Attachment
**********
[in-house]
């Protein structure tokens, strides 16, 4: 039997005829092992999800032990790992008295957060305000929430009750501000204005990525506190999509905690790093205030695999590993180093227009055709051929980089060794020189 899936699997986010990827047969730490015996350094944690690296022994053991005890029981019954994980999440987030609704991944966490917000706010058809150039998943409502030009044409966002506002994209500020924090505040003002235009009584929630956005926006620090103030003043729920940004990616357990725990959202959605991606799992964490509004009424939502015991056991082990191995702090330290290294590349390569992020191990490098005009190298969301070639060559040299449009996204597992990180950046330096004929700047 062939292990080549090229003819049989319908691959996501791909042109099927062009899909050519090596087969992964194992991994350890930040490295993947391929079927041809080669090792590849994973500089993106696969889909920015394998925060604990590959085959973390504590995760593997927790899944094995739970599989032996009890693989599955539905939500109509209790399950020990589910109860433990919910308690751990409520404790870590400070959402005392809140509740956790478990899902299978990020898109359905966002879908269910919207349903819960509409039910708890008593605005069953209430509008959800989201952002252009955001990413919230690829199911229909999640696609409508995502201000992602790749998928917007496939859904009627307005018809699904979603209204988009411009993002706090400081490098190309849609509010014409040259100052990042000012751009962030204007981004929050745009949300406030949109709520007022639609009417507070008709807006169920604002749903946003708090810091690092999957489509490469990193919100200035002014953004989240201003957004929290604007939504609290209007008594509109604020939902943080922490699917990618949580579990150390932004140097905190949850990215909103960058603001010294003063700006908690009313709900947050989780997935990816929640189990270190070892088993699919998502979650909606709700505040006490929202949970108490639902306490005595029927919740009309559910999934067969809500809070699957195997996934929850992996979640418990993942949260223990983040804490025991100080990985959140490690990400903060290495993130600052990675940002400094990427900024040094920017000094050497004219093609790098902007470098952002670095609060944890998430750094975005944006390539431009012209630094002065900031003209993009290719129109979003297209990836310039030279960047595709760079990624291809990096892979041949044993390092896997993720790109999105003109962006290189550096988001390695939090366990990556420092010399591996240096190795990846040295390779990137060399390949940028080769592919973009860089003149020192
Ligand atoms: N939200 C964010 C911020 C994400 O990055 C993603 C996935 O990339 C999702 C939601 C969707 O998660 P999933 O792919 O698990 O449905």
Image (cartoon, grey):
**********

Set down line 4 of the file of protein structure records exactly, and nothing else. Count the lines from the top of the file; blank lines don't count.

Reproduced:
Image (cartoon, grey):